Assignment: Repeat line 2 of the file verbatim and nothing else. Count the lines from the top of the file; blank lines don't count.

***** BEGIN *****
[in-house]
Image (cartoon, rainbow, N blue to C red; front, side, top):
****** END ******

Image (cartoon, rainbow, N blue to C red; front, side, top):